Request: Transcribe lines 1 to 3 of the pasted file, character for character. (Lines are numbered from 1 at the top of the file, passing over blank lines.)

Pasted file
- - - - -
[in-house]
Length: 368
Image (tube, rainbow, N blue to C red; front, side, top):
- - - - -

[in-house]
Length: 368
Image (tube, rainbow, N blue to C red; front, side, top):